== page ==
Some of us who have already begun to break the silence of the night have found that the calling to speak is often a vocation of agony, but we must speak. We must speak with all the humility that is appropriate to our limited vision, but we must speak. And we must rejoice as well, for surely this is the first time in our nation's history that a significant number of its religious leaders have chosen to move beyond the prophesying of smooth patriotism to the high grounds of a firm dissent based upon the mandates of conscience and the reading of history. Perhaps a new spirit is rising among us.

Bless the memory of Martin Luther King....and bless this bloody world.
posted by fold_and_mutilate at 8:46 AM on April 4, 2003

To answer your question, th3ph17: King's later activism doesn't get much attention at all in the mainstream, but it's aired more extensively.

It's a little chilling to think that the 'Beyond Vietnam' speech (in HTML format here, I now see) was delivered exactly a year before King's death, and so 36 years ago today. It's a valid counter-argument to say that King's objections to the Vietnam war are less applicable to the current conflict, when comparing the circumstances of the Vietnamese and the Iraqis; however, the main thrust against 'negative anti-communism' applies very much to the 'Iran and Syria next' doctrine proposed by American neoconservatives.

When King says 'The Western arrogance of feeling that it has everything to teach others and nothing to learn from them is not just. A true revolution of values will lay hands on the world order and say of war: "This way of settling differences is not just"', it's hard not to agree with him. I read a compelling editorial today in an email newsletter to which I subscribe:

The US propaganda machine has for a long time now been fostering the myth of a worldwide terror complex operating against the States. These terrorists, wherever they're from, all have two things in common: 1) they have a frothing desire to destroy the United States and crush western freedom; and 2) they have links with Al Quaeda. Al Quaeda is the glue that binds this unwieldy mass of activists, political parties, militants and rogue states. Al Quaeda is that which all bad things have in common. It is the Dark Side.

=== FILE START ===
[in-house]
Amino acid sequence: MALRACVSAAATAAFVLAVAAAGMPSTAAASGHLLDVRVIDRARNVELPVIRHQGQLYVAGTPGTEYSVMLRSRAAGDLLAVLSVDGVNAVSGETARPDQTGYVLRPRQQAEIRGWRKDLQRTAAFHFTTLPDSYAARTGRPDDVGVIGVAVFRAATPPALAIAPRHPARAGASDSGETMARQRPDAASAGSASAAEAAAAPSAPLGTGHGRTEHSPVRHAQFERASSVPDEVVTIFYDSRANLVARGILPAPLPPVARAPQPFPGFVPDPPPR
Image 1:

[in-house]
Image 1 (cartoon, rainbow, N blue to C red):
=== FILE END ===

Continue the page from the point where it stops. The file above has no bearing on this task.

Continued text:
Now, weirdly, reality is starting to live up to the rhetoric - because (unless you're China) there is simply no other way to fight the US other than to use terrorist-style tactics.

The word 'terrorism' is shifting in meaning. The Pentagon and the media were quick to use the word 'terrorism' to describe things like the Iraqi car bomb at the checkpoint, and at first this seemed absurd because, for goodness sake, this is a *war* - America is the invading force - 'terrorism' is simply the wrong word, surely? These are acts of soldiery, aren't they? But then you realise that in this scenario there are no possible acts of soldiery other than car bombs and booby traps. To be at war with America means to engage in terrorism. The word 'terrorism' simply has to widen to accommodate valid, provoked wartime action.

And that chills me too.
posted by riviera at 10:46 AM on April 4, 2003

Damn, I really ought to proof-read my own stuff: King's later work is more extensively embraced by the 'new internationalist' left in the UK, perhaps in part because it's the bit which gets stripped from the biographies; as King himself implied, he saw his mission as one where the civil rights campaign was addressing a symptom, not a root cause.
posted by riviera at 10:55 AM on April 4, 2003

Great post riviera. Thanks.
posted by homunculus at 3:32 PM on April 4, 2003

dr. king's final published title,
" trumpet of conscience" deals with the broad spectrum of social dilemma...he was a revolutionary.

greatest american of the 20th century, IMHO...
posted by aiq at 7:51 PM on April 4, 2003